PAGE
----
SUbJCCtIVC taste panel results showed that composi- Unless indicated all parts and percentages are by A had Q E P P Properties which compared weight. favourably with prior art formulations.

A composition containing GLP and AMG in the ratio of 2:1 was made up from the following ingredients: A further series of tests on a composition made up according to the formulation in Example 1 and carried out under the same conditions as those described in Excomposmon A ample 1 gave the following results.

Hydrogenated Palm Kernel Oil (HPKO) 48 GLP (9t 1) 8 AMG (Cetodan 70) 4 Sodium Caseinate I0 Lactose l0 Sample Number 6 7 8 9 l0 Sugar 20 Bowl Temperature 45 70 70 70 100% (F.)

Powder Temperature 36 25 30 33 48 Milk Temperature 33 33 34 33 35 The composition was made up as an emulsion and (F.) spray dried. The resulting particulate free flowing pow- 54 55 57 58 0 Temperature F.) der is preferably cooled immediately to below 50 F and overrun 1 I59 159 230 268 27 thereafter stored at room temperature. x y (Bwokfield ll 20 37 57 59 In order to demonstrate the temperature tolerance of the composition a series of tests were carried out using a standard set of make up utensils and a number of combinations of powder, milk and bowl temperatures.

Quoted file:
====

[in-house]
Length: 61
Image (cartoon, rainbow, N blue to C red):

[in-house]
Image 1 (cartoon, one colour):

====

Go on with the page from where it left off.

50g samples of powder were packed in foil laminate Tests were also carried out to demonstrate the tolerpackets and held for various periods of time in the 60 ance in variation in the powder to milk ratio:

Powder Milk Powder I Milk Whip Overrun Viscosity Weight Vol Temp Temp Time B.U.

(g) PM PM (Min.

' so ii4 V 4s 3 264 50 65 45 3 300 5a 250 65 4s 3 330 27 Fork whipping was carried out under the following conditions: Powder 70F., Bowls 70F., Milk 45F.

The mixture was whipped by hand using a domestic fork until soft peaks could be formed from the whip. Results of this test were:

Whip time for 50g powder in 114 ml. milk l-l l/2 minutes Whip time for 50g powder in 150 ml. milk 1 1/2 2 minutes EXAMPLE 3 COMPARATIVE EXAMPLES Other whipping compositions were made up according to the following formulations:

Compositions B and C were essentially the same as Composition A except that GLP and AMG were used independently and not in combination. Composition D. is based on prior art PGMS formulation such as that disclosed in British Pat. Specification No. 1,113,462. All compositions were processed. in a similar manner to Composition A.

Temperature tolerance tests were performed on samples of Compositions B, C, and D in a similar manner to those described in Example 1. Results were:

Composition B Sample Number I 2 3 4 5 Powder 70 70 70 70 70 Temperature (F.)

. Composition D Sample Number I 2 3 4 5 Powder Temperature 73 73 50 50 50 I Bowl Temperature 70 45 45 45 Milk Temperature 45 35 70 45 35 Final Whip 68 65 63 57 54 Temperature (F.) Overrun I98 218 218 146 126 -Viscosity (B.U.) 65 71 27 8 5 Fork whip tests carried out in the same manner as Example 2 showed that the time required to produce a whip which retained soft peaks was:

50g powder in 50g. powder in H4 ml. milk I50 ml. milk Composition B 4-5 mimt. Compouition C 1 5-6 min. Composition D 2-3 mins. 7-8 min.